Net neutrality should be enshrined in European Union law, says the European Parliament.
On Thursday the Parliament adopted a resolution calling on the European Commission to do more to guarantee an open Internet and net neutrality. Parliamentarians want to see E.U. telecom rules properly and consistently enforced and want internet traffic management practices to be monitored closely in order to “preserve the open and neutral character of Internet.”
In April, the European Commission was criticized for not going far enough in its report on net neutrality. Digital Agenda Commissioner Neelie Kroes stopped short of advocating legislation to ensure an open Internet, instead adopting a wait-and-see approach.
There is no set definition of “net neutrality” in the European Union, although the recent Telecoms Package requires that “open and neutral Internet principles are respected in practice.” But, as evidenced by Thursday’s vote, most members of the European Parliament (MEPs) do not believe this goes far enough.
“Net neutrality and open Internet — a core principle on which the internet was founded — is increasingly coming under threat, both in E.U. member states and beyond. The Greens are calling on the European Commission to enshrine net neutrality and the rights of internet users in European legislation, and on Commissioner Kroes to end her ambiguous stance on this vital issue,” said Green MEP Philippe Lamberts.
MEPs also asked the Commission to assess whether further regulation is needed to ensure freedom of expression, freedom of access of information, freedom of choice for consumers and media pluralism. An investigation by the Body of European Regulators for Electronic Communications (BEREC) is currently under way and Parliament says the Commission should act within six months of its findings.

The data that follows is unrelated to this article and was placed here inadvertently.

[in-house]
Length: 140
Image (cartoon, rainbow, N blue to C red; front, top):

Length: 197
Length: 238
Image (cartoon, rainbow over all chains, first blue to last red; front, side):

One of the key concerns is that end-users’ connections may be disrupted by network congestion, and the resolution requires that “Internet service providers do not block, discriminate against or impair the ability of any person to use or offer any service, content or application of their choice irrespective of source or target”.
Internet speeds can be reduced by so-called blocking or throttling of traffic. Blocking restricts access to certain services or websites, for example voice-over-IP. Throttling slows down certain types of traffic and affects, for example, the quality of video streaming. The Commission’s April report revealed that there has been unequal treatment of data by certain operators.
“Reasonable data traffic management is required and very useful to prevent network congestion and the smooth running of applications and services. Nonetheless, it is clearly understood that traffic management practices must not be used for anti-competitive purposes,” said Industry, Research and Energy Committee chairman Herbert Reul from the European Peoples Party.
E.U. ministers plan to adopt conclusions on the open internet and net neutrality in Europe at the Transport, Telecommunications and Energy Council on Dec 13, 2011.
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